Also called lupus or SLE, this is an autoimmune disease. When a person has an autoimmune disease, the immune system attacks itself, killing healthy cells and tissue, rather than doing its job to protect the body from disease and infection. Lupus can inflame and damage a person’s joints, skin, kidneys, lungs, blood vessels, heart, and brain. African American women are three times more likely to get lupus than Caucasian women. It is also more common in Hispanic, Asian, and American Indian women.

Ankylosing spondylitis

This disease most often affects the spine, causing pain and stiffness. It can also cause arthritis in the hips, shoulders, and knees. It affects mostly men in their late teenage and early adult years.

Juvenile rheumatoid arthritis

The most common type of arthritis in children, this disease causes pain, stiffness, swelling, and loss of function in the joints. A young person can also have rashes and fevers with this disease.

Polymyalgia rheumatica

Because this disease involves tendons, muscles, ligaments, and tissues around the joint, symptoms often include pain, aching, and morning stiffness in the shoulders, hips, neck, and lower back. It is sometimes the first sign of giant cell arteritis, a disease of the arteries characterized by inflammation, weakness, weight loss, and fever.

Polymyositis

Causing inflammation and weakness in the muscles, this disease can affect the whole body and cause disability.

Bursitis

This condition involves inflammation of the bursa, small, fluid-filled sacs that help reduce friction between bones and other moving structures in the joints. The inflammation may result from arthritis in the joint or injury or infection of the bursa. Bursitis produces pain and tenderness and may limit the movement of nearby joints.

Tendinitis

Also called tendonitis, this condition refers to inflammation of tendons (tough cords of tissue that connect muscle to bone) caused by overuse, injury, or a rheumatic condition. Tendinitis produces pain and tenderness and may restrict movement of nearby joints.

What causes osteoarthritis?

Osteoarthritis is caused by the wearing out of the cartilage covering the bone ends in a joint. This may be due to excessive strain over prolonged periods of time, or due to other joint diseases, injury or deformity.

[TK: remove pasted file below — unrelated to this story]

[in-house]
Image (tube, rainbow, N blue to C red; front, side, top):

Primary osteoarthritis is commonly associated with ageing and general degeneration of joints.

Secondary osteoarthritis is generally the consequence of another disease or condition, such as repeated trauma or surgery to the affected joint, or abnormal joint structures from birth.

Uric acid crystal build-up is the cause of gout and long-term crystal build-up in the joints may cause deformity.

Some people may have congenital abnormalities of the joints-for example, Perthes’ disease of the hips-that cause early degeneration and subsequently cause osteoarthritis.

Predisposing factors to osteoarthritis of hip

Some conditions may predispose the hip to osteoarthritis, It tends to affect people as they get older and particularly affects joints that have to take a lot of stresses and strains.

  • A previous fracture that involved the hip
  • Growth abnormalities of the hip (such as a shallow socket) may lead to premature arthritis
  • Some childhood hip problems later cause hip arthritis (for example, a type of childhood hip fracture known as a Slipped Epiphysis; also Legg-Perthe’s Disease)
  • Inactive lifestyle- e.g., Obesity (overweight) Your weight is the single most important link between diet and arthritis, as being overweight puts an additional burden on your hips, knees, ankles and feet

Predisposing factors to osteoarthritis of knee

Abnormalities of knee joint function resulting from fractures of the knee, torn cartilage and torn ligaments can lead to degeneration many years after the injury. The mechanical abnormality leads to excessive wear and tear – just like the out-of-balance tyre that wears out too soon on your car.

What are the symptoms of arthritis?
There are more than 100 different forms of arthritis, symptoms vary according to the form of arthritis. Each form affects the body differently.

Arthritic symptoms generally include swelling and pain or tenderness in one or more joints for more than two weeks, redness or heat in a joint, limitation of motion of a joint, early morning stiffness and skin changes, including rashes.

How can a doctor diagnose arthritis?
Doctors diagnose arthritis with a medical history, physical exam and x-rays of the hip. There is no blood test for osteoarthritis.

What you can do?

  • Consult a doctor who will determine the type of arthritis you have
  • Rest the joint until the pain subsides to prevent further inflammation
  • To ease the pain or stiffness of the joint, apply heat on the joint for about 15 minutes once or twice a day using a hot water bottle, towel or an infrared lamp